The Rev. Billy Graham preached his final crusade in New York a year ago, but he made a rare appearance in Baltimore on Sunday at a revival hosted by his son, the Rev. Franklin Graham, who has taken over his father's ministry.
More than 650 local churches helped to organize the revival, which drew more than 50,000 people to Baltimore's Camden Yards.
The 87-year-old evangelist said it may be the last time he has an opportunity to preach the gospel to such a large audience.
It was a rare event, and the crowd knew it, CBS News correspondent Michelle Miller reports.
"It was almost like a farewell tribute," said one man in the audience.
"In fact, we came from Houston, Texas," said a second man.
"You know, it's maybe a once in a lifetime type of thing," said a third.
Graham is suffering from Parkinson's disease, but when he took to the pulpit the years seemed to wash away. Still, through that strong steady voice, he acknowledged this sermon could be his last. But he never abandoned his sense of humor or connection to a new generation.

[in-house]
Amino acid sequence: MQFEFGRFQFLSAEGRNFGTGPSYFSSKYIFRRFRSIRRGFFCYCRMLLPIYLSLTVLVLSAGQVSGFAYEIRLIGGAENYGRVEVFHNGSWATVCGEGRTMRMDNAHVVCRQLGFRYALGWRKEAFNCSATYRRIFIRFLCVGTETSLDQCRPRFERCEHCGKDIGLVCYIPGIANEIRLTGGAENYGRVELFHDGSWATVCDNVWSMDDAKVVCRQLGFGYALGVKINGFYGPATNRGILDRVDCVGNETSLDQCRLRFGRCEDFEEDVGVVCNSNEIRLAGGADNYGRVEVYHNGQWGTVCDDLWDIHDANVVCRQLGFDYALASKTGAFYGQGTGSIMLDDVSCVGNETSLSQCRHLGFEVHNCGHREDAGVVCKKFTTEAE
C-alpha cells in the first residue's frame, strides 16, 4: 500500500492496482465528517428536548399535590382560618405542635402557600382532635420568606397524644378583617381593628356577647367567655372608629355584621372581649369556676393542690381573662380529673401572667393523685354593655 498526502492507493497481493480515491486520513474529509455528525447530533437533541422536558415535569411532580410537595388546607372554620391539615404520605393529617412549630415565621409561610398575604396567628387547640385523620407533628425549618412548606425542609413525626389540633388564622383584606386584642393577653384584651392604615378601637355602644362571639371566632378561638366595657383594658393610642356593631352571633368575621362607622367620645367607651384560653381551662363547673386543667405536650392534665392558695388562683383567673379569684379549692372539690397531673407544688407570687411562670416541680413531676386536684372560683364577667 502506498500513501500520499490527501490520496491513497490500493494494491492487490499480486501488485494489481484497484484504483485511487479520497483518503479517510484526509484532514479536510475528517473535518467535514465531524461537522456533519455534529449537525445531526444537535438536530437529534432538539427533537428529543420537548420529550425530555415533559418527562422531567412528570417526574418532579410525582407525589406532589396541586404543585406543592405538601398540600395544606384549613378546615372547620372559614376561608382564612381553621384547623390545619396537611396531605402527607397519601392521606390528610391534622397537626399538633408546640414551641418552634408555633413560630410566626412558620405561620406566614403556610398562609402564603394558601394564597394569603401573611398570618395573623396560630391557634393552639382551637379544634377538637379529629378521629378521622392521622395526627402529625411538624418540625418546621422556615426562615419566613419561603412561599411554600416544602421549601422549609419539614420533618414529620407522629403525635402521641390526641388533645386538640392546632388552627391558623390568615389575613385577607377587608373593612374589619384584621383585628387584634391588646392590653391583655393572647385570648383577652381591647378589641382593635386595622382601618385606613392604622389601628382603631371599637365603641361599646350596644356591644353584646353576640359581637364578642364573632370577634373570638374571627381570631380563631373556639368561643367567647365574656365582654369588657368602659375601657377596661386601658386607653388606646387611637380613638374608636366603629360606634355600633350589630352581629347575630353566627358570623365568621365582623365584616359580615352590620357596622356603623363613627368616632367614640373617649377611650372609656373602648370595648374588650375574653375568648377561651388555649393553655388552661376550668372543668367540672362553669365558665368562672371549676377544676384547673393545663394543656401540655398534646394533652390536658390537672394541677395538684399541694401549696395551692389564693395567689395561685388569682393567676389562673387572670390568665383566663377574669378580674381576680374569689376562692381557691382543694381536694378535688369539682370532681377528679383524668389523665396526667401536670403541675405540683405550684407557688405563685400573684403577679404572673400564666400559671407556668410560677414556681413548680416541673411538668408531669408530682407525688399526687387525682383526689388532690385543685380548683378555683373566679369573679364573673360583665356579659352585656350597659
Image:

"Someone wrote to the pastor and said, 'Dear preacher, what does God forgives you, mean?' Signed, Confused.' The preacher wrote back, 'It means all your files are deleted.' And that's exactly what God does," said Graham in his sermon.
Minister to presidents and millions of common people around the world, Graham proved he still has the power to move thousands to make a commitment to Christ. At his invitation, they poured from the stands.
"I know it's a long way from upstairs, but your whole eternal life depends on it," Graham told the crowd.
He also thanked the Baltimore Orioles for allowing the use of their ballpark, joking, "From what I've read, I believe they need our prayers."
But the man who once traveled the globe to spread his message no longer wants to be away from home. His son says it's the small things that matter to him the most now.
"You're talking about a man now who's 88, who's just happy to wake up in the morning, who's thrilled when he has his breakfast and has a cup of coffee," said Franklin Graham.